What do you make of the Golding letters which state that De Vere is buried in Westminster? I'm also curious your thoughts on the Droeshout Engraving. Do you agree with Orthodoxy that it is simply poor work?

I think it's appropriate that we can buy Shakespeare literature today upon which the author's name is Edward De Vere.
 

WAB

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That Oxford's death was kept secret (or possibly didn't happen on the stated date at all), and that he was reburied in Westminster Abbey (in "Poet's Corner"?) is very interesting. Waugh's speculations about Jonson's writings are also interesting and possibly correct, but they hardly constitute proof. I was expecting more.

On the matter of surname spelling: anyone who's played with the genealogy of medieval England will tell you that such spellings are wildly inconsistent. I don't know if it would be probative one way or the other to find the "real" spellings from 16th-century Stratford, but they seem hard to find: most transcriptions "modernize" spelling. It may be best o ignore Wikipedia.

In front of me now is Shakespeare: The Evidence, a virulently anti-Oxfordian biography by Ian Wilson. It cites a special marriage license issued 27 Nov. 1582 "inter Willelmum Shaxpere et Annam Whateley de Temple Grafton." I mention this NOT to demonstrate that "Shaxpere" was yet another rendition of that surname, but because of the bride's surname "Whateley." We all know he was married to "Hathaway", no? You can find biographies that insist the Bard loved some girl "Whateley" and was disappointed when "Hathaway" showed up (with a shotgun? :) the next day demanding he marry her instead because she was pregnant! The reality is almost surely much simpler: Surname spelling was very lax (although the Hathaway-->Whateley blunder was extreme).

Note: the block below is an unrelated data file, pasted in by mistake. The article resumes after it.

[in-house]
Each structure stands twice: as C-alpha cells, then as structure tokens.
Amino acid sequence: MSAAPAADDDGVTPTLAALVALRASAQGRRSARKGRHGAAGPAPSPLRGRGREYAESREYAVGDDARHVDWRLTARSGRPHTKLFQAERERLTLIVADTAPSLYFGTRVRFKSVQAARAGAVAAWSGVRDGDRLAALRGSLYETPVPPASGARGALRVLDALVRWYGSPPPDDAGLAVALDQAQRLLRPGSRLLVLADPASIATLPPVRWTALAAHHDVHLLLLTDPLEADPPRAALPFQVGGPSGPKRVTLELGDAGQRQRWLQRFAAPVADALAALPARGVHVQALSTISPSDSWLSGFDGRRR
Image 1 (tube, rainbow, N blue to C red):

I think it is absurd to imagine a coincidence where Oxford chose the "William Shake-speare" pseudonym and the same-named man from Stratford began putting his name on otherwise-anonymous plays independently. The usual explanation, I think, is that Stratford acted first; Oxford saw this and decided Shakespeare would be a convenient pen-name. My guess is that this was reversed: Oxford needed a "living breathing pen-name;" encountered a man with a name that delighted him; and hired Stratford to be his "frontman."

Jonson takes issue with the Stratford man, calling him a poet ape, an actor. Many have opined that Jonson obviously knew he was not the author but was simply presenting the plays as his own. And honestly, De Vere likely wished it so. This also explains who there are plays out there with Shakespeare's name on them but that are not Shakespeare's.

What do you make of the Golding letters which state that De Vere is buried in Westminster? I'm also curious your thoughts on the Droeshout Engraving. Do you agree with Orthodoxy that it is simply poor work?